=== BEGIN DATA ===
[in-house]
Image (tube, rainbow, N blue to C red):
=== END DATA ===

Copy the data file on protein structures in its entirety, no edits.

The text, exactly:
[in-house]
Image (tube, rainbow, N blue to C red):